The Future of Fact Checking

Remember Jayson Blair, the New York Times “reporter” who fabricated tens of articles by gliding through a loop hole in the reporter’s code of honor? Some established magazines like The New Yorker or The Atlantic can afford to pay fact checkers, but even the Times — whether for reasons of deadline or budget — must rely on reporters to fact-check themselves, taking any heat from the public if they misquote or misrepresent.

Obviously, there is even less impetus or resources to fact-check blogs. In blogging, commentary is so instantaneous that a moment of reflective delay costs its writer timely influence on the cacophonous dialogue of interested voices. Toss in the patina of ideology, opinion, and just plain gossip, which can characterize the blogosphere both left and right, and you have a recipe for old fashioned, low and dirty rumor-mongering.

One need look no farther back than the “Barack Obama is a Muslim” conspiracy on the right (see here) and, these days, the “Rick Santelli is part of massive libertarian astroturf conspiracy” on the left (for background, see here). The blogospheric rumor mill can churn at an alarming pace. But in important ways, it’s not the initial debut of a pernicious internet rumor which poisons national discourse; false claims are often immediately disputed and hashed out in a sort of crowd-sourced wiki factchecker operation.

Rather, the problem is such crowd-led efforts are operationally diffuse. It may take several bloggers from all over the spectrum writing and revising a received idea/rumor/possibility to approximate a verifiable fact. Scouring a host of different blogs, including those ideologically opposed to one’s own position, in the uneven aftermath of some scandalous new piece of blogger cant is sometimes, I fear, too much attention to expect from information technologies already stuffed to the gills with competing headlines.

Falsehoods, rumors, half-stated truths, then, have a tendency to linger in all but the most consistently interested and open minded blogs. Even if Playboy removed the Santelli conspiracy theory article, its ripple effect through the left-of-center echo chamber has likely yet to cease (though Yglesias at least recognized in an update that Playboy’s retraction was problematic), and those who protest the article’s characterization (a group that includes Playboy evidently) seem slow in catching up with the monstrous wave of accusation. As one conservative blogger opined:

Happily facts have won over Playboy forcing the mag to pull down the fallacious story, which is all well and good. But the problem is we now have hundreds perhaps thousands of left-wing DailyKosers and such all imagining they know the real story, the one that corresponds to the fake Playboy tale.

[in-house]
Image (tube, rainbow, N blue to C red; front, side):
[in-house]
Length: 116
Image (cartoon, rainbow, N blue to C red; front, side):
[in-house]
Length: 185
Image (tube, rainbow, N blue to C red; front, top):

I suppose one could say the same for newspaper corrections, which are not dramatically featured either; still, I wonder whether the web’s increased decentralization of media authority, in many ways a good and important development, will weaken our ability to fact-check even basic news stories. As abstract as that seems, the question is of vital importance, because without stronger sources of factual reliability, the internet will see its share of Jayson Blairs, real astro-turfers, charlatans and fools.

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5 Responses to “The Future of Fact Checking”

  1. ResourceShelf » Blog Archive » The Future of Fact Checking Says:

    […] The Future of Fact Checking Remember Jayson Blair, the New York Times “reporter” who fabricated tens of articles by gliding through a loop hole in the reporter’s code of honor? Some established magazines like The New Yorker or The Atlantic can afford to pay fact checkers, but even the Times — whether for reasons of deadline or budget — must rely on reporters to fact-check themselves, taking any heat from the public if they misquote or misrepresent. […]

  2. » Media Cloud Tool Launched I&D Blog Says:

    […] as I have recently suggested in my coverage of fact checking and the Santelli conspiracy, is a problem of the highest order. Each side of the political spectrum […]

  3. Michael Benidt Says:

    Why do I wish there were bylines on this blog? How many possible writers are there for this team blog?

  4. idteam Says:

    Michael,

    Thanks for your comment. For some reason permalinks to blog posts on the wordpress layout we use do not carry over the author’s name (although it does show up on the main blog page as well as if you use google reader or a similar aggregator). This post was written by Chris Van Buren, and Research Assistant on the project. Tim Hwang, another RA, as well as I&D fellow Corinna di Gennaro also currently write on the blog. And I try to write as often as possible too (but not nearly as much as I would like)! We’ll try to make a technical fix to solve the problem or to just manually add a by line.

    Thanks,
    Bruce Etling

  5. Internet & Democracy Blog » Blogging Leads to Better Books Says:

    […] any case, Fact checking on the Internet is something we’ve written about here before, especially related to tea parties and the […]